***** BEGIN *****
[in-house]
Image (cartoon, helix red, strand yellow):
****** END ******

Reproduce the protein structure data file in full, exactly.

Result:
[in-house]
Image (cartoon, helix red, strand yellow):